Legendary ‘Nuggets’ Album Gets 40th Anniversary Reissue
2012 marks the 40th anniversary of a little album called ‘Nuggets: Original Artyfacts from the First Psychedelic Era, 1965-68,’ and to commemorate, Rhino Records is reissuing the grandaddy of all compilation albums on CD, digitally and, as it was first presented, on vinyl.
For those unaware of this piece of rock and roll history, it is, in many ways, where the simple ‘oldies’ compilation took on a whole new meaning. The artists represented on the original two-LP set were, for the most part, one-hit wonders who even by 1972 had been swept into the dustbins. The new reissue hits the streets Nov. 27.
The original two-LP set was conceived by Elektra Records founder Jac Holzman, who explains via press release, “AM radio despised ‘long’ tracks, loosely defined as anything that exceeded three minutes, and this was true throughout the ’50s and ’60s. Even our Doors single, ‘Light My Fire,’ had to chop Robby [Krieger]’s incendiary guitar solo to fit the rigid AM formula. It’s what made me think about the snappy, short rock and roll singles that had jump-started AM rock radio, at its beginnings.”
Holzman recruited rock historian, and future Patti Smith Group guitarist, Lenny Kaye to compile the set. “It’s the songs in the end that make Nuggets so memorable,” Kaye says in newly written liner notes. “The lightning strikes of brilliance that move a record past genre into the realm of classic. I just played disc jockey, telling my ear-witness tale of inspiration derived, of desire and belief. Or daring to believe.”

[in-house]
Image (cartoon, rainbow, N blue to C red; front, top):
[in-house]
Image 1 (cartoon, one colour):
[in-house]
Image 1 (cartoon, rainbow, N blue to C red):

Though names like Chocolate Watchband, Electric Prunes and 13th Floor Elevators might not exactly be household names everywhere (they are here!), you have no doubt heard some of the music. The bands featured represent a sliver of a fraction of the young bands who took their cues from the likes of the Beatles, Rolling Stones, Byrds and Yardbirds to make their own noise. Some of the players would go onto become stars — Ted Nugent of the Amboy Dukes and Todd Rundgren of the Nazz to name a couple — while for most others, it was just part of their own teenage rampage.
‘Nuggets’ would eventually go on to inspire countless rock and roll bands from 1972 right up through today. The collection, first reissued in 1976, would also spawn a seemingly endless catalog of garage rock compilations from ‘Pebbles’ and ‘Rubble’ to ‘Back From the Grave’ and ‘Teenage Shutdown’ to name but a few. The ‘Nuggets’ brand itself has issued five different four-disc box sets over the past decade or so covering bands from all across the globe.
To this day, just when you think that well has run dry, another compilation of forgotten teen genius pops up, but ‘Nuggets’ is where it all started. Dig in and dig it!